LONDON: Chancellor Gordon Brown, heir apparent to the British premiership when incumbent Tony Blair abdicates this summer, is honing his image as a champion of populist causes - or, at least, those causes that won't rile political kingmaker Rupert Murdoch.

The chancellor's latest crusade is most unlikely to ruffle even the most sensitive feathers: a system for "labelling" media content to help parents protect their children from corruptive eye candy - especially from digital sources.

Brown revealed he has asked communications regulator Ofcom to evolve a media content rating scheme that will provide a common standard for websites, TV programmes, computer games and other media.

He also promised "practical" support for families trying to steer their offspring through the frenetic culture of the modern world.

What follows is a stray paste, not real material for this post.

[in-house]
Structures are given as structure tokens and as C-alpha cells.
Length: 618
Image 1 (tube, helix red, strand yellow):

These words of assurance were reportedly delivered to an unidentified audience of "mothers and fathers" at an unnamed venue in "central London".

Seeking further information as to the event's nature and whereabouts, WARC News was unable to find a single reference on any of the usual websites.

This seemed curious, spurring our legion of intrepid reporters to ask the usual 'what, why and wherefores' of the Labour Party press office, the Treasury and Ofcom.

All of whom promised to call back but failed to do so before our daily deadline - presumably for reasons of state security.

However, further delving revealed that the chancellor's address was actually delivered to a closed meeting of the Equal Opportunities Commisssion, among whose number there is a statistical certainty that one or more fall into the category of "mothers and fathers".

So the story wasn't just another example of Treasury spin for cherrypicking by a gullible press.

Had that been the case, it would never have appeared in MediaGuardian.

Data sourced from; additional content by WARC staff